"She called the donkeys her children. Her uncle owned them but they were hers in spirit since she fed them and rode them and gave them their names. I never knew which was which or whether they were brother and sister, a Jenny or a Jack, but for sixty-seven days she called me her donkeys’ daddy and said things like 'Why don’t you go give daddy a kiss?' or 'You love your daddy, don’t you?' or 'That mean old donkey daddy doesn’t love us anymore,' while holding their heads in her hands and looking into their tar-drop eyes ringed with white. When they bit at each other, flung their heads back or spun to get at flies, it thrilled me. Sometimes, in the midst of a heat-struck nap we shared after digging for arrowheads or Indian bones or the bones of an ancient wooly mammoth at the mineral spring construction site, one of them would wake us up with a snort or a hee-haw or a gentle head-butt and I would call her donkeys mine."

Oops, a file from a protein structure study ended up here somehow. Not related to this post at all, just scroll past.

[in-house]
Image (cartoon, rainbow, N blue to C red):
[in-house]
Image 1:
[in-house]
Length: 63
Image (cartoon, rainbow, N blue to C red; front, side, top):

-from Sesquicentennial, a novel